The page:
Sharia in Minneapolis

The Somali jihad is over for now, but it still has supporters worldwide—including within the United States.

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The southern Somali city of Kismayo has fallen to a combined force of Ethiopian and Somali troops. The Somali Supreme Islamic Courts Council regime ruled Mogadishu for only a few months, instituting a particularly draconian version of Sharia. Now its leaders have fled, and the remnants of their forces are now trapped between the sea and Somalia’s border with Kenya.

Despite reports in the Western press suggesting that Somalis were happy with the Sharia regime of the Islamic Courts, Mogadishu residents cheered the anti-jihad troops as they entered the city last Thursday. However, there were several indications that the Islamic Courts were indeed popular, especially with expatriate Somalis. Last Saturday, 1,500 Somalis gathered in Minneapolis’ Peavey Park for a demonstration in favor of the Sharia regime and against American support for the Ethiopian and Somali forces that toppled it. Hassan Mohamud, imam of St. Paul’s Al-Taqwa Mosque and president of the Somali Institute for Peace and Justice, which organized the demonstration, won cheers from the crowd as he thundered: “We ask the president of the United States, Mr. Bush, and his administration to stop supporting the terrorists. Ethiopian troops are terrorists.” Mohamud has praised the Islamic Courts for bringing “peace and security” to Somalia. When asked if Somalis in Minnesota were supporting the jihadists financially, Mohamud responded: “What I know is that they have overwhelming support inside of Somalia because of the peace and law and order. If you have the support of your people inside of Somalia you don’t need any support from outside.”

The peace and law and order that the Islamic Courts brought to Somalia was a matter of brute force and intimidation. In November 2005 Sharia supremacists in Mogadishu killed 12 people in the process of closing down movie theaters and video stores, both of which had been deemed un-Islamic. Last July they killed two people at a forbidden screening of a World Cup match. The regime staged public floggings and executions, banned television, music, and women swimming, and in one town a cleric aptly named Sheikh Rage announced that anyone who did not attend Muslim prayers five times a day would be beheaded. The regime repeatedly declared jihad on Ethiopia, making no secret of the expansionist aspirations that eventually led the Ethiopians to take action: Yusuf Mohamed Siad, an Islamic Courts defense official, declared Somalia open to mujahedin from around the world: “We’re saying our country is open to Muslims worldwide. Let them fight in Somalia and wage jihad, and God willing, attack Addis Ababa.”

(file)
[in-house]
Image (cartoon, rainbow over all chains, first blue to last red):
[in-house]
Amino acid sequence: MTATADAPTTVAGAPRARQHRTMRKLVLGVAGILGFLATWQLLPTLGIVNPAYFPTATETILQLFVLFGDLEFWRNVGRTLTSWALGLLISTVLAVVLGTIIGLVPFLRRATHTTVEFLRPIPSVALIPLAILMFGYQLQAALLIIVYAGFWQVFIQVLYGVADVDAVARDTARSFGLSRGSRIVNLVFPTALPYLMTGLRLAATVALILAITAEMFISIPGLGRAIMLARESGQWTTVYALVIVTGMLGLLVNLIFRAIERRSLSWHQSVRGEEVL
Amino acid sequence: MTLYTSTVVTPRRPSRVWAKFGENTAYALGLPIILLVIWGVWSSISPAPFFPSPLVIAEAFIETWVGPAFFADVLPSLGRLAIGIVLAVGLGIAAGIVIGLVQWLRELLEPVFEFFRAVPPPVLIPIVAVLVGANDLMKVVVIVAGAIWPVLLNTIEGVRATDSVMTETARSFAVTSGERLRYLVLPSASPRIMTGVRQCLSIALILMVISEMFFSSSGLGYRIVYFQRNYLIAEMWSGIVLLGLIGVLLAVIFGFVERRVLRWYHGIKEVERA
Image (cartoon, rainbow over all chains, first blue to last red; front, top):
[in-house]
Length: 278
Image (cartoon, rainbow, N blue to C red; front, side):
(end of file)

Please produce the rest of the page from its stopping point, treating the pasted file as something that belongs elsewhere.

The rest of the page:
The Islamic Courts’ first vice chairperson, Sheikh Al-Rahman Mohomood Jinikow, stated in September that “we will only approve a constitution based on theology, because an Islamic constitution is the only one that serves all of us justly. Secular constitution, whether it is democratic or any other, is never fair and right, and Muslims have only one constitution which is entirely based on Allah’s Qur’an.”

That seemed fine with the Minneapolis demonstrators. Some carried signs that read, “Islam is the solution.” Abdul Mohamed, a member of the Somali Institute for Peace and Justice, denounced American policy toward Somalia as motivated by “Islamophobia.” Given the nature of the Islamic Courts regime, this raises questions that have less to do with Somalia than with Minneapolis and the United States. What are 1,500 supporters of Islamic jihad and Sharia law doing in Minneapolis? What are the implications of this for our own national security? Would these immigrants prefer to live under Sharia than under the United States Constitution? Why do immigration officials do absolutely no screening for Sharia supremacism, even though the U.S. is embroiled in a global war against Sharia supremacists? Why is no one with any power or influence even asking these questions?

The Somali Institute for Peace and Justice’s demonstration in Minneapolis was simultaneously a demonstration in favor of Sharia government in Somalia and, unwittingly, of the crying need for serious and searching immigration reform. One may only hope that at least some American officials understood it as such.


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